While the City has a lot of positives, it’s also where the game’s biggest problem once again rears its ugly head. Microtransactions are in your face wherever you go and if you want to avoid the sometimes tedious grind you will need to cough up real money. The amount of branding and advertising around the game is larger than it’s ever been and honestly feels a bit offensive.
The same is true in the teambuilding MyTeam mode. Yes, once again you can grind it out by completing daily, weekly and monthly challenges while also playing in the various online and offline modes, but it’s going to take you a long time to generate enough in-game currency to truly benefit from the top-tier players and enjoy the more overpowered elements of MyTeam. If you can pace yourself and not suffer from FOMO then you can get a more than decent team setup without paying, but it can be frustrating to progress so slowly.
The modes in MyTeam are largely the same with some small changes in the rewards and the way you get them, particularly in the online modes. You can still get good rewards, but the win requirements make it a bit more difficult. That said, the offline modes are more than manageable and yield relatively good rewards for your efforts and time spent. The most noticeable update to MyTeam is the Draft Mode. By entering with in-game currency or tokens, you get to draft a team based on selecting players per position out of a set of five and based on your luck, you can build a strong team and take to the courts against other players. It’s a great way to get to use some players that you maybe can’t obtain through the game’s grind (not yet anyway), and also a way to get some decent rewards, even if you lose your matches.
WNBA returns but still feels a tad shoehorned in compared to the other modes. There’s a lot more flexibility and you have to appreciate that Visual Concepts are paying more attention to it, but (much like in this review) it’s more of a “by-the-way” mode than anything else. Franchise mode also returns and gives players a lot more overview of their team than ever before. If playing on the court isn’t for you and you want to manage things a bit more closely, you will find a lot of depth and value in the Franchise mode.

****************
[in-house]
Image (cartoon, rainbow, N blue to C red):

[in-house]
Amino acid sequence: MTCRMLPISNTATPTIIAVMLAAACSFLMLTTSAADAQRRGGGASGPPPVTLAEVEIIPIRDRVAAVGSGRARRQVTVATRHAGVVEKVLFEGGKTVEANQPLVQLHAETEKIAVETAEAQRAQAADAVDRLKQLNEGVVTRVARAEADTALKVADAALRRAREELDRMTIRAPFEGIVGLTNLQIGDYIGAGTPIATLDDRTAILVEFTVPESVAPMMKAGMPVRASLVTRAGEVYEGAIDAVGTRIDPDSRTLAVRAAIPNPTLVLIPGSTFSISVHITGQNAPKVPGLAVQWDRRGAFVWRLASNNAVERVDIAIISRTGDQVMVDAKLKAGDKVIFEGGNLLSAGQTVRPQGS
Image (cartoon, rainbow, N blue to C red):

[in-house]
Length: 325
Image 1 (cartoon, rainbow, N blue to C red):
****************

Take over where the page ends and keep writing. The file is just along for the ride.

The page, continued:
NBA 2K22, like its predecessors, shines in terms of its visuals and audio. The movement of the players, the stadiums, the crowds and the general likenesses of players and coaches is simply astounding and truly benefits from the next-gen upgrade. The music is, as always, a highlight with tons of great tracks to listen to plus the promise of an ever-changing lineup through 2K’s live service in the months to come. Sadly, the load times still feel a little too long, especially if you are used to the almost non-existent load times on most PS5 games.
NBA 2K22 Review
Overall, NBA 2K22 is a hugely satisfying experience and one that will no doubt keep you busy for a long time to come. If NBA 2K is your one game for the year, there’s every certainty that it will have enough options, modes and gameplay experiences for you to cover your entire year. The basketball gameplay is magnificent, and so are the visuals and audio. Now 2K, just get rid of the overly offensive microtransactions and advertisements… please.
This NBA 2K22 review was based on a code sent to us by 2K Games
Available On: PS4, PS5, Xbox, PC | Reviewed On: PS5 | Release Date: 14 September 2021 | Price: R1,180